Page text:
Casting for Fox 2000′s sequel Percy Jackson & The Olympians: The Sea of Monsters is continuing as THR reports that Castle star Nathan Fillion has joined the ranks. He has been cast as Greek deity Hermes for the adaptation, which also stars Logan Lerman, Alexandra Daddario, Brandon T. Jackson and Jake Abel.
We got word that a sequel was coming almost a year ago, with hopes of hitting theaters sometime in 2013, despite preforming rather poorly at the box office. Chris Columbus directed the first film, but has since been replaced by Thor Freudenthal, who is known for his work on Diary of a Wimpy Kid and Hotel for Dogs. Based on the best selling series by Rick Riordan, The Sea of Monsters follows the son of Poseidon and his friends as they head into the Sea of Monsters to find the mythical Golden Fleece.
Hermes was originally played by Dylan Neal, and is the father of the antagonist Luke, who is played by Abel. Fillion has gathered a pretty big following after he starred in the sci-fi TV show Firefly and the indie dramedy Waitress. He will be seen next in the screen adaptation of Shakespeare’s Much Ado About Nothing, out sometime this year.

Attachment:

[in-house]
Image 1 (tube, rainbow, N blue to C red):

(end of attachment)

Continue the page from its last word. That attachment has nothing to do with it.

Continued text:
What do you think of Fillion playing Hermes for the Percy Jackson sequel?
Since any New York City cinephile has a nearly suffocating wealth of theatrical options, we figured it’d be best to compile some of the more worthwhile repertory showings into one handy list. Displayed below are a few of the city’s most reliable theaters and links to screenings of their weekend offerings — films you’re not […]
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Every week we dive into the cream of the crop when it comes to home releases, including Blu-ray and DVDs, as well as recommended deals of the week. If we were provided screener copies, we’ll have our own write-up, but if that’s not the case, one can find official descriptions from the distributors. Check out […]
Writing about the films of Robert Bresson usually begins by informing reader that his films must be discussed through a trance of hushed tones and quiet veneration. There is no room for rushed judgement or quick-witted observations; Bresson makes Serious Art, as opposed to Hollywood directors who do not. There are the key phrases to […]
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